Keir Starmer went to vote with the prospect of spectacular electoral support, against the Conservative Party.

The United Kingdom held its first national election in almost five years on Thursday (4), with exit polls showing that Prime Minister Rishi Sunak’s Conservative Party will be punished for failing to fulfill the promises made during 14 years in power. The numbers reveal a landslide victory for the Labor Party, which would now have a majority in Parliament. The result is expected to take some time to come out, as on the Island, people still vote by putting an X on the paper.

Prime Minister Rishi Sunak leads his Conservative Party, facing a devastated political landscape. His main opponent is Keir Starmer, who has led the Labour Party since April 2020. This time, the Labour Party is set to return to power for the first time after a long agony of watching helplessly as the United Kingdom left the European Union, in addition to the dismantling of the public health system, the jewel in the crown, created by progressive forces.

Exit poll suggests Labour won 410 seats and the Conservatives 131

Conservatives: 131, loss of 241 seats
Work: 410, gain of 209 jobs
Liberal Democrats: 61, up 53
SNP: 10, loss of 38
UK Reform: 13, gain of 13
Plaid Cymru: 4, mais 2
Greens: 2, won another one

“To everyone who campaigned for Labour in this election, to everyone who voted for us and put their trust in our new Labour Party – thank you,” Keir Starmer said at X. “The numbers are encouraging, but an exit poll is a poll, so we don’t have any results yet,” said Labour deputy leader Angela Rayner.

Labour has probably secured its expected landslide victory, although it may have fallen short of the majority won by Tony Blair in the 1997 general election. This was after being humiliated and reduced five years ago to its lowest number of seats since 1935. Boris Johnson, just two years ago, was publicly musing about winning three terms in office until the 2030s.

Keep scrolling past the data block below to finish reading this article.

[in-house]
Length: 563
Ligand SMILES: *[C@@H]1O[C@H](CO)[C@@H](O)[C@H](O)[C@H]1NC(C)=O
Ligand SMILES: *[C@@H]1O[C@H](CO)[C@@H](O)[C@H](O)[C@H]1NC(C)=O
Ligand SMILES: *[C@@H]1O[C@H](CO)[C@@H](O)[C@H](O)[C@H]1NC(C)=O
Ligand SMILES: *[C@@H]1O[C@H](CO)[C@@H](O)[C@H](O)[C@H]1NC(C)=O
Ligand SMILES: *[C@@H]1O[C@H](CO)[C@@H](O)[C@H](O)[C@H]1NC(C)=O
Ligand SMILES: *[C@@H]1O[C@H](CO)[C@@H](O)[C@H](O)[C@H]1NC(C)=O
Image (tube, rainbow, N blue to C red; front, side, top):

But the party could also achieve this with a smaller share of the vote than former leader Jeremy Corbyn achieved in 2017.

Tomorrow lunchtime, the UK will have its fourth prime minister in less than two years. But the new government will face all the same old problems that caused its predecessor so much trouble: the cost of living, government finances, the tax burden, a dangerous world. Starmer has promised to revive the economy, invest in infrastructure and fix the NHS.

The far-right reformists who had nothing won 13 seats, revealing electoral volatility, in which more people in more places are more willing to change their minds more often and more quickly about politics than ever before.

Participation and results

Polls close at 10pm (4pm GMT), and exit polls were due to be released shortly after. However, people were still voting after the scheduled time. One of the significant unknowns in the UK election is how turnout will influence the outcome. The number of people who voted will not be known until after the polls close.